MEDICAL SCHOOL PROFESSOR HONORED WITH UMASS PRESIDENT’S PUBLIC SERVICE AWARD

 

February 7, 2008

WORCESTER, MA— University of Massachusetts Medical School professor Stephen J. Doxsey, PhD, was honored yesterday with the 2007 University of Massachusetts President’s Public Service Award for his efforts as co-founder of the UMass Laboratories for Worcester Area High Schools program, which brings high school students to the Medical School campus for hands-on research experiences in state-of-the-art labs, while providing opportunities for faculty to encourage high school students to consider careers in the sciences. The coveted award, presented at a festive noontime ceremony at the University of Massachusetts Club in Boston, is presented annually by the University of Massachusetts President’s Office to faculty from each of the UMass campuses who provide exemplary public service to the Commonwealth.

The award winners possess “a passion for their professional fields and a commitment to their students and colleagues, as well as an exemplary commitment to community engagement and public service,” said UMass President Jack M. Wilson.

“ ‘Public service’ isn’t just written in the founding philosophy of the medical school, it’s ingrained in the daily activity of the faculty and staff,” said Michael F. Collins, MD, interim Chancellor of UMMS. “Dr. Doxsey and so many of his medical school colleagues come to work each day with an eye towards how they, as scientists and  academics, can contribute to the community in meaningful and lasting ways.”

Doxsey, a professor of molecular medicine, biochemistry & molecular pharmacology and cell biology and an accomplished leader in the study of cell division, launched the UMass Laboratories for Worcester Area High Schools program seven years ago with assistance from the Department of Science administrators from Worcester’s North High School. The program exposes high school students to science in the context of a working academic research lab; participating UMMS faculty members teach one lab in their area of expertise during the year-long course, with students making four visits to UMMS.

“It is an honor to receive the President’s Public Service Award for our work with high school students,” said Doxsey. “The beauty of this program is that it is a win-win for both Medical School faculty and high school students. Faculty are overwhelmingly excited and dedicated to enriching the education, development and scientific experiences of nascent scientists, and the students are provided with a unique opportunity to work in active laboratories of world class scientists.  Many participating faculty recall similar experiences with professionals or outstanding teachers as pivotal events in their own decision to pursue a career in science.”

A tremendous success with faculty and North High students and teachers, UMass Laboratories was expanded to other Worcester high schools in 2006. The expansion, which provides further opportunities for additional faculty to influence young, would-be scientists, added 16 junior and senior faculty as well as more than 30 graduate students and post-doctoral fellows to the program’s original faculty cohort of Doxsey, David Lambright, PhD, and Craig Peterson, PhD, professors of molecular medicine and biochemistry & molecular pharmacology; and Tony Ip, PhD, associate professor of molecular medicine, biochemistry & molecular pharmacology and cell biology.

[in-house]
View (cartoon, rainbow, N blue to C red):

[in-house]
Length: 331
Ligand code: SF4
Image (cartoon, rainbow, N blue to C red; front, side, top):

Doxsey, who received his undergraduate degree from the University of Connecticut and his PhD in cell biology from Yale University and completed a post-doctoral fellowship at the University of California at San Francisco before coming to UMMS in 1993, is a fitting role model for high school students interested in pursuing science careers. His lab is at the forefront of research, one focus being the molecular mechanisms that induce normal cells to become cancerous. This work has been funded by numerous sources, including the National Institutes of Health and National Cancer Institute. In July Doxsey was awarded a prestigious Keck Medical Research Grant by the W.M. Keck Foundation, which supports the work of leading researchers to lay the groundwork for breakthrough discoveries. The Keck Medical Research Grant seeks interdisciplinary collaborations among established investigators with the potential to advance the frontiers of medicine.

In addition to an awards luncheon held yesterday, the President’s Public Service Awards will include an exhibit of photos and information about the award recipients and their work. The exhibit will be displayed at the Massachusetts State House in Doric Hall, February 19 through 29.

About the University of Massachusetts Medical School
The University of Massachusetts Medical School, one of the fastest growing academic health centers in the country, has built a reputation as a world-class research institution, consistently producing noteworthy advances in clinical and basic research.  The Medical School attracts more than $176 million in research funding annually, 80 percent of which comes from federal funding sources. The work of UMMS researcher Craig Mello, PhD, an investigator of the prestigious Howard Hughes Medical Institute (HHMI), and his colleague Andrew Fire, PhD, then of the Carnegie Institution of Washington, toward the discovery of RNA interference was awarded the 2006 Nobel Prize in Physiology or Medicine and has spawned a new and promising field of research, the global impact of which may prove astounding. UMMS is the academic partner of UMass Memorial Health Care, the largest health care provider in Central Massachusetts. For more information, visit www.umassmed.edu.

Contact: Alison Duffy
508-856-2000; alison.duffy@umassmed.edu